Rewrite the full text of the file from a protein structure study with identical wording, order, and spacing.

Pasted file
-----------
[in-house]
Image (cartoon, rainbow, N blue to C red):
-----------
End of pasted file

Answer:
[in-house]
Image (cartoon, rainbow, N blue to C red):